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Democrats Bet Health Care Will Deliver 2020 Victories

Illinois Rep. Cheri Bustos, who is running the House Democrats' 2020 campaign operation, tell NPR: "There couldn't be a clearer differentiation between what we are fighting for and what they are fighting against."
Susan Walsh
Illinois Rep. Cheri Bustos, who is running the House Democrats' 2020 campaign operation, tell NPR: "There couldn't be a clearer differentiation between what we are fighting for and what they are fighting against."

A coalition of Democratic committees representing governors, attorneys general, senators and members of Congress released a strategy memo Tuesday outlining that their collective strategy for the 2020 elections is to focus on health care.

"Democrats are betting that Americans will vote for the party of health care over the party of drinking bleach," Rep. Cheri Bustos, D-Ill., told NPR in an interview, referring to President Trump's suggestion in April that doctors look into injecting disinfectants into COVID-19 patients.

Bustos is running the House Democrats' campaign operation this year.

"The COVID-19 epidemic underscores the urgency of our efforts to protect Americans' access to affordable health care," the memo states.

It is co-authored by Democratic National Committee Chair Tom Perez; Democratic Senatorial Campaign Committee Chair Sen. Catherine Cortez Masto, D-Nev.; Democratic Governors Association Chair Gov. Phil Murphy, D-N.J.; Democratic Attorneys General Association Co-Chairs Maura Healey and Ellen Rosenblum; and Democratic Legislative Campaign Committee Chair Andrea Stewart-Cousins, who is the majority leader of the New York Senate.

The issue has historically been a winner for the Democratic Party — most recently in the 2018 midterms that delivered a House majority — so the continued focus is no political surprise, particularly as the Trump administration continues its legal effort to repeal the Affordable Care Act, also known as Obamacare.

Read the full memo here.

"Republicans at all levels own this lawsuit's attacks on Americans' health care and they will be held responsible for their party-wide obsession with throwing our health care system into chaos and stripping health care from 20 million Americans during a global pandemic," the memo states. The Supreme Court is expecting to hear the ACA challenge this fall.

Democrats' internal polling, as well as public polling, regularly lists health care as a top issue for voters. Bustos said that includes congressional districts won by Donald Trump in 2016.

On the congressional level, Democrats intend to campaign against Republicans who voted in favor of repealing the ACA. On the gubernatorial and state legislative level, Democrats say they will focus on GOP opposition to Medicaid expansion.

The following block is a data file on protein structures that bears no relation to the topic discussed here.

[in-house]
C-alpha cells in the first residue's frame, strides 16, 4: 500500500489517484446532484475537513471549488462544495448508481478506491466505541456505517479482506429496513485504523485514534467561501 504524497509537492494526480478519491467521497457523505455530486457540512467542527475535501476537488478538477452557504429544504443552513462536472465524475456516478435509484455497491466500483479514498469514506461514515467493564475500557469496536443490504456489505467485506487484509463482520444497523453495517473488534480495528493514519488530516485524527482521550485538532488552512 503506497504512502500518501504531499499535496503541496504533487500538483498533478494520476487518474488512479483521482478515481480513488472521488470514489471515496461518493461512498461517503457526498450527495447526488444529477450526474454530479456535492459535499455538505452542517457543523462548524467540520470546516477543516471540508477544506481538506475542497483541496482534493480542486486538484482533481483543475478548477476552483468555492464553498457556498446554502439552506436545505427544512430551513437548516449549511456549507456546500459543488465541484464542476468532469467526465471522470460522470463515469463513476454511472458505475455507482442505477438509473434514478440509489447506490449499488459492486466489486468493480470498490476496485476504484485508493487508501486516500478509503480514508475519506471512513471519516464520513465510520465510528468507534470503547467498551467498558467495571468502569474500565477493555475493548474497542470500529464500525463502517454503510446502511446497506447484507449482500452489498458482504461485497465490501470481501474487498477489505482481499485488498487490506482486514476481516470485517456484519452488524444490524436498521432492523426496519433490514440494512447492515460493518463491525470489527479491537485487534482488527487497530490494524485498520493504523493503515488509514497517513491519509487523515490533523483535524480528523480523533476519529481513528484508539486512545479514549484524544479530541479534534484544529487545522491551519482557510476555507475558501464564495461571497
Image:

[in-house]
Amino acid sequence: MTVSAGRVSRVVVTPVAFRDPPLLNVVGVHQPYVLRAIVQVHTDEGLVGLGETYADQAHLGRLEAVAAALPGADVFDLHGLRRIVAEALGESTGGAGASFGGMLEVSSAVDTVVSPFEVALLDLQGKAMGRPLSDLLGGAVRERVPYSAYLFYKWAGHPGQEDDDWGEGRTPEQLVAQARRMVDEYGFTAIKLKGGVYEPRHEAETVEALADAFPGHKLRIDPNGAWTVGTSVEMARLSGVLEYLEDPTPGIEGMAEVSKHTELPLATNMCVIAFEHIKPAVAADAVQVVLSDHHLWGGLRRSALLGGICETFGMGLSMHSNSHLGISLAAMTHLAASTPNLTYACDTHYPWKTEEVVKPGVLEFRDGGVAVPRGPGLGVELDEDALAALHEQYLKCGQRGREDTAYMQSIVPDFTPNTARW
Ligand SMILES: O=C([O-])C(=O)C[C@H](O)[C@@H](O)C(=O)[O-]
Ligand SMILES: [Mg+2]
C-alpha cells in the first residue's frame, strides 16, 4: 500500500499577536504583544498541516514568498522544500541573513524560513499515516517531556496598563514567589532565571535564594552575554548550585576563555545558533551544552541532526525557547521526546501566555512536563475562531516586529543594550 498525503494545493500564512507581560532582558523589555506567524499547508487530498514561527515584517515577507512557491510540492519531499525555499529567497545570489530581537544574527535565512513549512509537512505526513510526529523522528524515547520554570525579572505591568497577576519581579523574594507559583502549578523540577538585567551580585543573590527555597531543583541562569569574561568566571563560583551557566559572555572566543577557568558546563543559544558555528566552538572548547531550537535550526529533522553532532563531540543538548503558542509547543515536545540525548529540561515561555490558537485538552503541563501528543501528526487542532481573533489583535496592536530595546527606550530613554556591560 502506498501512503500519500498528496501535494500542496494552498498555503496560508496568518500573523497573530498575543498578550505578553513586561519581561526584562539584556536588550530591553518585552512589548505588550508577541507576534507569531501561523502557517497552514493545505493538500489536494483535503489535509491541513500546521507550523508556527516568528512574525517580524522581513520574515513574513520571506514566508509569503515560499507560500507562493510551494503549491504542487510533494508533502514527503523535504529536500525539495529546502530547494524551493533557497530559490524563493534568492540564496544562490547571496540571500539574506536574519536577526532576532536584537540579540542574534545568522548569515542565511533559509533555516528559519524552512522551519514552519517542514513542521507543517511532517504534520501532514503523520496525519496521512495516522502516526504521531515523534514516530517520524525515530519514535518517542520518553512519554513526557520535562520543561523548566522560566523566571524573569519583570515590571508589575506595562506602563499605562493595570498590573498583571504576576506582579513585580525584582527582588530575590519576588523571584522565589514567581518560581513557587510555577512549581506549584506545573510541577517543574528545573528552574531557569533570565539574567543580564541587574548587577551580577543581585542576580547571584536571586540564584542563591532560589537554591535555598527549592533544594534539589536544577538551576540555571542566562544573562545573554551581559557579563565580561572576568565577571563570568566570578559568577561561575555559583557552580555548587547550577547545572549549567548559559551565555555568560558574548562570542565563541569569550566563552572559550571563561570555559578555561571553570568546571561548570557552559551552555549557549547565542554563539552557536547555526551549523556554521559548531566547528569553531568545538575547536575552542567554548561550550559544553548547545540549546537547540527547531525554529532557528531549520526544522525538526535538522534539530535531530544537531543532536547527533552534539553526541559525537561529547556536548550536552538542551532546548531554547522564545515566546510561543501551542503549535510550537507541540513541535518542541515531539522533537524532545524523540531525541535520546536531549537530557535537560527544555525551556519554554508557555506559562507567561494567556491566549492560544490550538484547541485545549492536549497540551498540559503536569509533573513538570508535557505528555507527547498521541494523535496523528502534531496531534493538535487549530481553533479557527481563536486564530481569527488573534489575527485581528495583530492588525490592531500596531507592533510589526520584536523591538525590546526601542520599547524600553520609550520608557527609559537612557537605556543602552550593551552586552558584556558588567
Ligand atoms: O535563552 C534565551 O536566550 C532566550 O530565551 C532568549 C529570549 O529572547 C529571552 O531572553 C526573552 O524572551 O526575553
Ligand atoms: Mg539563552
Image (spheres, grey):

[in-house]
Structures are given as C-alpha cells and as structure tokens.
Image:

Bustos says Democrats will campaign in favor of making health care more accessible and affordable and lowering the cost of prescription drugs. "There couldn't be a clearer differentiation between what we are fighting for and what they are fighting against," she said.

The memo sidesteps the more divisive debate inside the Democratic Party over what the future of health care should look like — a debate that defined the Democratic presidential contest. On one end was the progressive wing led by Sen. Bernie Sanders, I-Vt., arguing for a government-run "Medicare for All" system, and on the other the centrist wing led by former Vice President and presumptive nominee Joe Biden to protect and expand the ACA.

Bustos said that debate will continue but noted that defending the health care law delivered victory in 2018. "We all come from different camps. We all come from different parts of the country," she said. "But we know that we have been successful — again, flipping 40 seats in 2018 — by talking about expanding the Affordable Care Act and making sure we're fighting for people with preexisting conditions."

Democrats are also expected to highlight some of the president's more provocative statements during the pandemic in their campaigns.

"They are led by President Trump who just this week talked about taking hydroxychloroquine when the medical evidence is clear that that is not what a person should be doing right now ... and he's advocating for that and bragging about that," she said. "That's the leader of their party, who talked about injecting bleach or Lysol. That is the leader of their party, and that's how they talk about health care."

Trump later said his comments about using disinfectant to kill the virus were sarcastic.

While Republicans broadly support repealing the ACA, the party has never coalesced around an alternative policy to cover the uninsured. Health care remains a priority for the president, who has promised to offer a "phenomenal" health plan during his reelection campaign that will remake the GOP as "the party of health care." It has not been released yet.

Copyright 2021 NPR. To see more, visit https://www.npr.org.

Susan Davis is a congressional correspondent for NPR and a co-host of the NPR Politics Podcast. She has covered Congress, elections, and national politics since 2002 for publications including USA TODAY, The Wall Street Journal, National Journal and Roll Call. She appears regularly on television and radio outlets to discuss congressional and national politics, and she is a contributor on PBS's Washington Week with Robert Costa. She is a graduate of American University in Washington, D.C., and a Philadelphia native.